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Drastic downsizing of pediatric care at L.A. County-USC Medical Center

About two years ago the hospital started chipping away at its 135 beds for children. The facility now has 55 beds for such patients.

January 25, 2009|Garrett Therolf

No hospital in the state lost more pediatric beds in recent years than Los Angeles County-USC Medical Center, which has long served many of the county's neediest patients.

The downsizing began more than two years ago as hospital officials prepared for their move into a new state-of-the-art facility with only two-thirds of the space of the old campus.

First the hospital cut children's beds by nearly half, from 135 to 74.

Then the new building opened its doors in November with only 36 beds dedicated to children. An additional 19 are available for pediatrics, but can also be used for adults.

The decision to downsize was made by Los Angeles County supervisors in 1997 amid worry that a larger facility would be too costly to build and operate. But that choice came before more than two dozen local hospitals shut down or reduced the size of their pediatric units.

"I'm very concerned," said L.A. County Supervisor Gloria Molina of the level of pediatric care now available at County-USC. "We are going to watch this very closely, and I don't think we know the full extent of the consequences yet."

Molina, who took office in 1991, waged an extremely bitter and unsuccessful fight for a larger hospital.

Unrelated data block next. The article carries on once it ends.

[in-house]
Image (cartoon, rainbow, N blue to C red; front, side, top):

Officials with the county Department of Health Services said they believe the cuts in children's beds will be offset by a shift from inpatient to outpatient care, making it possible to maintain the same level of service.

But front-line pediatricians strongly dispute that pediatric care will not suffer. Dr. Lawrence Opas, County-USC's chief of pediatrics and director of graduate medical education at USC's Keck School of Medicine, said he believes the effect will be acutely felt throughout the county.

One troubling question is whether the smaller facility will be able to handle the 7,000 foster children that had been treated annually. County-USC staff, who have specialized training in mental health issues and abuse, diagnosed more than 40% of the children referred by the Department of Children and Family Services with previously undetected mental health needs.

"We're breaking down the safety net for abused and neglected kids," said Dr. Astrid Heger, director of the hospital's Violence Intervention Program. "The kids who will be shut out will still have their broken arm treated somewhere else, but the doctors probably won't diagnose whether it's an accident or not."

Molina, whose district includes County-USC, said another concern is whether the far-smaller pediatric unit will hurt USC's pediatrics teaching program.

She credits the program with supplying top quality physicians despite the hospital's below-market salaries.

Heger said she believes the damage has already been done, noting that the program is now the smallest such university-affiliated program in the nation.

"The program will be noncompetitive to intern applicants except the poor performers from low-ranked medical schools," she said.


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